When users provide equipment wattage, we calculate emissions based on the country-level emission factor matching the user's currently selected location. In the absence of equipment data, we make assumptions about average equipment used and its wattage. We estimate other work-related home energy use (heating, cooling) by using an average annual U.S. household member consumption value to prorate work-from-home energy use and applying a country-specific emission factor. We arrived at MT CO2e per household member by applying an emission factor for each fuel (electricity, natural gas, fuel oil, propane) and adjusting the result based on total national consumption of each fuel.
We assume that, on average, remote employees use one laptop (60W), one monitor (10W), and one task light (20W) to perform work activities for 8 hours per day and 261 days per year. We also assume that one third of a household member's energy use is attributable to work-from-home activities, such as space heating and cooling, overhead lighting, preparing food and beverages during the workday and water use-related energy.
This calculator does not follow the GHGP recommendation of establishing a baseline of employee home emissions to calculate work-related emissions. It does not account for specialized equipment with above or below average wattage and excludes printers and small peripherals, like keyboards and pointing devices. The calculator applies a country factor and doesn’t consider the regional distribution of employees. To determine WFH emissions with accuracy, we recommend per employee calculations that will apply regional emission factors and consider variables like heating fuel type, floor space of the working area, and presence of other household members. This calculator can only be used for home office emissions estimates in one country at a time.
When a user provides a market based CO2e factor, we calculate market-based emissions from consumption values. When market-based factors are not available, we apply the most granular emission factor available from our factor set (grid factor, state/provincial factor, country factor, or approximated factors for global regions) to the consumption value. CO2 emissions from biomass-generated steam are not included in the total emissions for steam or reported separately because there is no direct combustion of biomass. Biogenic/biogas emissions appear as 0 MT CO2e in outputs. U.S. and Canada-based users have the option of specifying chiller type for purchased cooling. We apply a chiller-specific factor if users make a selection.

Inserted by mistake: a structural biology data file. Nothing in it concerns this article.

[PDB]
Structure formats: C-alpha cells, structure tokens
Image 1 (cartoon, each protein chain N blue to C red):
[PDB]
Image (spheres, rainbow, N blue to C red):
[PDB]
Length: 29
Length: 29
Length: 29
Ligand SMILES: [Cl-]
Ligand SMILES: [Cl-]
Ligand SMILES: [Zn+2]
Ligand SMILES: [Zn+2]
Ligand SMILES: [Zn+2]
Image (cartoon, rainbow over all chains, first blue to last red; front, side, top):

Assumed thermal efficiency is 80%. We use natural gas as the default energy source for steam generation, hot water as the default source of heating, and electric chillers as the default chiller type in the U.S. and Canada, unless users make a chiller type selection.
The calculator does not account for variations in thermal efficiency. Many countries do not publish steam, heating and cooling factors and recommend calculating emissions from the energy source used to generate steam, heat, or cooling. In these cases, we apply the nearest known country or regional factor. Users will get the most accurate outcomes by providing supplier-specific emission factors for steam, heat, and cooling.
We apply emission factors for reported quantities of fuel based on user location. If country-level factors aren't available in our dataset, we default to available country factors within proximity to the user's location. Biogenic CO2 from landfill gas and wood products is a separate output from total CO2e in alignment with GHG Protocol guidelines. Where countries combine CH4 and N2O into a single factor, we use the ratio of CH4 and N2O to CO2 from a comparable factor to break them out. Where countries report only CO2 for a specific fuel, we add regional CH4 and N2O factors. We use EIA and EPA heating values of fuels to convert user consumption units. This calculator aligns with the GHG Protocol guidelines for calculating scope 1 emissions from fuel combustion.